State Rep. Peter Nehr is at odds with Pinellas County Sheriff Jim Coats over whether an Internet sweepstakes cafe the lawmaker has opened is against the law.
Nehr's business, Fun City Sweepstakes, sells phone cards.
But as the St. Petersburg Times reported Wednesday, for every $1 a person spends on a card, he or she also gets 100 sweepstakes points to use at one of the business' 45 desktop computers. The computers can simulate the spinning images of a casino slot machine. You spin, and win, or lose. If you win, you can collect the winnings from the cashier.
Coats says he believes the sweepstakes businesses constitute gambling.
But Nehr, a Republican who represents northern Pinellas and a sliver of Pasco counties, disagrees.
"This is a legitimate business that has been vetted and found to be completely legal in the state," he told the Times. "I'm entitled like anyone else to open a legal business to earn money for my family."
Nehr sounded so sure about his business — saying that it "has been vetted and found to be completely legal" — that we wanted to check it out.
Our analysis concludes the law is murkier than Nehr lets on.
Loophole or illegal?
Gambling is currently illegal in Florida except in places where it is specifically permitted — dog and horse tracks and on American Indian land. Nehr's business, and others like it across the state, operate not as gambling businesses but instead offer promotions for purchasing a service.
Nehr says it's like McDonald's restaurants that sell sodas with a scratch-off, or Monopoly tickets.
But in the case of Fun City Sweepstakes, Nehr gives customers who purchase a phone card an opportunity to win a casino-style sweepstakes game.
In 2007, the police chief of Cedar Grove, near Panama City, wrote to then-Attorney General Bill McCollum about a similar sweepstakes parlor to ask whether the business was violating state gambling laws as set out in state statutes.
McCollum responded, basically, that it's not clear.
McCollum wrote that the computer could constitute a gambling device and be illegal, or businesses may be illegally disguising gambling as legal "game promotion."
"However, this office recognizes that the ultimate determination of whether Florida's gambling laws may have been violated must be made by local law enforcement agencies," McCollum wrote.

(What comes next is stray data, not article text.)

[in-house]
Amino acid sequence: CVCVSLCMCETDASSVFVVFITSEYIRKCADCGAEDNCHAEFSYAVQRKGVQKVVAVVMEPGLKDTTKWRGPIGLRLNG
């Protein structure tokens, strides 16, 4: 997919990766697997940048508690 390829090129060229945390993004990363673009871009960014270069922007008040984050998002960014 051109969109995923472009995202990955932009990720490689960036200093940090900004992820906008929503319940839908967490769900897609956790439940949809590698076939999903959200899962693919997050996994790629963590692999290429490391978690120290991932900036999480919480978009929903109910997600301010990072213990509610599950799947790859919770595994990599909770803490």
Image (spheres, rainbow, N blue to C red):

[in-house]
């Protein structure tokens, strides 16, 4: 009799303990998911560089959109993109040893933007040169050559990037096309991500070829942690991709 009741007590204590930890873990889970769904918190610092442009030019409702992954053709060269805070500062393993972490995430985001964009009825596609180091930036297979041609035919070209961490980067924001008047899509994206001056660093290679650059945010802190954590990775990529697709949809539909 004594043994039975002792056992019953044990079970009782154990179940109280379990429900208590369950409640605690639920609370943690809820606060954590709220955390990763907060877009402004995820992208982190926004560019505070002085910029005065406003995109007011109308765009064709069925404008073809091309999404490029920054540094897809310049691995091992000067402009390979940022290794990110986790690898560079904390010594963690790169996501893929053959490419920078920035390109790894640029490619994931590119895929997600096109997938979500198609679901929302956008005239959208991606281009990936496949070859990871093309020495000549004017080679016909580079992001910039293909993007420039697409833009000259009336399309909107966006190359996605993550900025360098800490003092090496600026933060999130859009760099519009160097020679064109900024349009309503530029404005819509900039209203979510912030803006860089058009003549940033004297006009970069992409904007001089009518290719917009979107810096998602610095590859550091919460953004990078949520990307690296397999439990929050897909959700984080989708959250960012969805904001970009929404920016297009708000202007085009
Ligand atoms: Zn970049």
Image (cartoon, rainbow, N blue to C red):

The ambiguity has left law enforcement and prosecutors in a tough spot.
The fundamental question: Is it worth the time and effort and resources to prosecute a business that may or may not be breaking the law?
So members of the Florida Legislature are considering legislation that would ban the type of business altogether.
Rep. Scott Plakon, R-Longwood, has sponsored HB 217 to prohibit the use of simulated gaming for promotional purposes. The legislative analysis of the bill says there are questions over the legality of the sweepstakes games, and that different counties have handled them differently.
There have been just a few cases involving Internet sweepstakes cafes brought to court. So far, no one has been found guilty of gambling charges.
In Marion County, the owners of an Internet sweepstakes cafe like Nehr's were found not guilty on gambling charges in October 2010, the Ocala Star-Banner reported Oct. 18.
"We're going to see if the state attorney gets the message," said Kelly Mathis, the Jacksonville attorney who represented the sweepstakes cafe owner. "They (prosecutors) put on their best case, and they still can't show there was a violation of criminal law."
Other cases in Marion, Brevard and Sumter counties were either dismissed or the business owners reached an agreement with prosecutors that did not include a gambling conviction. No case has been reviewed by an appellate judge.
Where does this leave us?
Yes, it's true that no one has been found guilty of a crime for running a business like Nehr's, and some in the Legislature are trying to make the games explicitly illegal. But that doesn't mean the games themselves have been found to be completely legal.
It's a stretch for Nehr to say the operation has been vetted and is completely legal. So we rate this statement Half True.